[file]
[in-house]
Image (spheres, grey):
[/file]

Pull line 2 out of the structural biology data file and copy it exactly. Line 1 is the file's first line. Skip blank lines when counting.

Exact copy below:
Image (spheres, grey):